By Claire Ferguson
The lion’s paw scallop, Nodipecten nodosus, is a species of mollusk that gets its name from the knobs decorating the ridges of its shell that resemble the long, knuckled claws of a lion. Much less dangerous to touch than its namesake, this shell can be found deep in the tropical waters off the Atlantic Coast, from Cape Hatteras to the West Indies, and as far south as Brazil.
The Pacific Coast also has a population of lion’s paws called Nodipectin subnodosus, native to the Baja California Peninsula in Mexico and southward to the western coast of Peru.
Scallops come in a variety of colors from reds and purples to more rare oranges and yellows. The white albino paw is the least common and most valuable to collectors. “The lion’s paw is one of my most favorite shells of all,” says Florida shell collector Amanda Collett. “Since shelling on the Eastern coast of Florida, I’ve been very lucky to have found a wide range of sizes and colors.”
As their habitat is deep offshore waters, perfect shells are rare to find on the beach and are highly sought after by serious collectors. “Hinged lion’s paw shells are only found by divers and commercial fishermen, because the scallops like deep water and shade, usually living on rocks inside of caves, shipwrecks, or in dark shady areas up to 160 feet deep,” Amanda says.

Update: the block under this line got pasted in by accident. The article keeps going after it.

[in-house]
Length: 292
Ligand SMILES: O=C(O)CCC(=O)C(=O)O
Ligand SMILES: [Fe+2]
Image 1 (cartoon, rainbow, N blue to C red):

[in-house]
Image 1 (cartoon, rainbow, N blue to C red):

Though beautiful, the lion’s paw scallop is also valuable as a food source. The tough shells contain sweet, tender white meat, which was a traditional food in subsistence fishing communities. In the 1980s, trawling boats arrived in Brazil and the their fishing practices did not respect the mollusk’s ecosystem or the native communities that depend on them. Overfishing of the scallops, known locally as vieiras, caused the supply to reach critically low levels in only under a decade, threatening extinction. In 1997, fishermen developed a method called espinhel, where the scallops are raised in mesh bags attached to lines underwater and harvested after two to three years when they reach a minimum size.
Lion’s paw scallops are still recovering and will hopefully make a full comeback through the work of locals and companies using responsible aquaculture techniques to grow them.
All photos courtesy of Amanda Collett.
Learn more about seashells
Learn more about identifying shells, the history of seashell collecting, great shelling beaches, and the lives of the animals who make the shells we find on the beach. Articles ›
No live shelling: Be sure shells are empty and sand dollars, sea stars, and sea urchins are no longer alive before you bring them home.
This article appeared in the Beachcombing Magazine January/February 2022 issue.